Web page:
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Echo and the Bunnymen are a British post-punk band formed in Liverpool in 1978. The original line-up consisted of Ian McCulloch (of The Crucial Three), Will Sergeant and Les Pattinson. There are many stories, probably apocryphal, that the quartet was completed by a drum machine known as “Echo”.
By the time of their debut album, 1980’s Crocodiles - a moderate UK hit - the drum machine had been replaced by Pete de Freitas. Their next, the critically-acclaimed Heaven Up Here, reached the Top Ten in 1981, as did 1983’s Porcupine and ‘84’s Ocean Rain. Singles like “The Killing Moon” (later used in the soundtrack to Donnie Darko, a film whose imagery owed much to the artwork of the band’s early records.), “Silver,” “Bring On The Dancing Horses,” and “The Cutter” helped keep the group in the public eye as they took a brief hiatus in the late 1980s. Their 1987 self-titled LP was a small American hit, their only LP to have significant sales there.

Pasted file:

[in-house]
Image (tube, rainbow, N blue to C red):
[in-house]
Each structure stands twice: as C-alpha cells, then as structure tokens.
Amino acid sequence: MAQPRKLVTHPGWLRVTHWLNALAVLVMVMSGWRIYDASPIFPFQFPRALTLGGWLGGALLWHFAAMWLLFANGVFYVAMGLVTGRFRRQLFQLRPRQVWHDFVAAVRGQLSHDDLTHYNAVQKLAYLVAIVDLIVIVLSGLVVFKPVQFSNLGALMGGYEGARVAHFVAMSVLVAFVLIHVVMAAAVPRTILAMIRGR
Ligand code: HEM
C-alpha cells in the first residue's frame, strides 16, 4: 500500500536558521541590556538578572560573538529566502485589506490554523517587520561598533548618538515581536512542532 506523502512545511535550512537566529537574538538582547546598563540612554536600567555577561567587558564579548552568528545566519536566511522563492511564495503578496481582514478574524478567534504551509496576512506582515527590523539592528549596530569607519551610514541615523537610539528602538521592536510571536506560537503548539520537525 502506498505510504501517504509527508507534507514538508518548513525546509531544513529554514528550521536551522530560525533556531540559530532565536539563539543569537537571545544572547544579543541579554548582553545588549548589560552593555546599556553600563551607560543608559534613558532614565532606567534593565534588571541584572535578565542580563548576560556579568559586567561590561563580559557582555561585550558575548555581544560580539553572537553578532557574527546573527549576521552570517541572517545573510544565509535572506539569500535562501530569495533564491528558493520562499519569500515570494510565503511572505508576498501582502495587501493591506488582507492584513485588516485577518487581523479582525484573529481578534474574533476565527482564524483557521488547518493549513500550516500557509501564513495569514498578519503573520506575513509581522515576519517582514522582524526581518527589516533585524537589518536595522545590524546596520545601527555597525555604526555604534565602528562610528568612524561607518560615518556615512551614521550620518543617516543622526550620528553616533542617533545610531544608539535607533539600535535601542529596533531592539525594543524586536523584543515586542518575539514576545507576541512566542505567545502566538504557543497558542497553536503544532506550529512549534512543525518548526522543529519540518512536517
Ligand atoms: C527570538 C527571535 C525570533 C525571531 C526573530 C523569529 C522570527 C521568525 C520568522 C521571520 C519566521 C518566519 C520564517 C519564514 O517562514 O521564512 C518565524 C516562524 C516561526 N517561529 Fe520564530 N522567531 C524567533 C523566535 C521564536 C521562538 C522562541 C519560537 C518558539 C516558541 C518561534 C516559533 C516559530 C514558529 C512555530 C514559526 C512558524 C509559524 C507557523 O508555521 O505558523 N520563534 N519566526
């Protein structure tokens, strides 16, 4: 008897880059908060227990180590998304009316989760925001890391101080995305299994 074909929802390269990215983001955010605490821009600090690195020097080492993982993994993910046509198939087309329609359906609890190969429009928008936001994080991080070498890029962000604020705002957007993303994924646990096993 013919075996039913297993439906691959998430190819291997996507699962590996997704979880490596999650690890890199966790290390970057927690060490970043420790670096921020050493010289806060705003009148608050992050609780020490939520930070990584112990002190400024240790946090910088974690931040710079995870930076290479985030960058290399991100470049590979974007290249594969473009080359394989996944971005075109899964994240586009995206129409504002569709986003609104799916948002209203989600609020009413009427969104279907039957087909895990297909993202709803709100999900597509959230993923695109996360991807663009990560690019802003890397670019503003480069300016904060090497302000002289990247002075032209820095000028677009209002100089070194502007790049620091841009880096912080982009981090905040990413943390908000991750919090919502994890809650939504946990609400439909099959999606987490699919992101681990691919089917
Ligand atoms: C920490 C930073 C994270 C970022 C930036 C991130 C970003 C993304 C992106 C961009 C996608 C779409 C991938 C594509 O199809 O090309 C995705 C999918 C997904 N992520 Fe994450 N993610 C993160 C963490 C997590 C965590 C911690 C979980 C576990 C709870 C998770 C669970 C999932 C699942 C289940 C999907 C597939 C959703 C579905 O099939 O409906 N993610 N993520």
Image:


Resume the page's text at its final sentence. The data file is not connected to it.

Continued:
McCulloch quit the band in 1988. De Freitas was killed in a motorcycle accident one year later. The others decided to continue, recruiting Noel Burke to replace McCulloch on vocals in Reverberation (1990), which did not generate much excitement among fans or critics. Burke, Sargeant and Pattinson split after that, but the surviving three fourths of the original band reformed in 1997 and released Evergreen (1997), What Are You Going To Do With Your Life? (1999), Flowers (2001) , Siberia (2005), and the latest addition, The Fountain (2009). The group’s old audience liked the return to their classic sound, and they also managed to gain a number of new, younger listeners.
Echo and the Bunnymen were managed early on by Bill Drummond, who went on to be a founder member of The KLF.
(On the cover of their third album 'Porcupine' the band's name was written 'Echo & the Bunnymen' with the word 'and' replaced by an ampersand symbol. Both this abbreviated form and the original full written form have been used on subsequent albums and singles.This double usage has been the source of many discrepancies in meta-data in streamed and downloaded versions of the band's recordings) Read more on Last.fm
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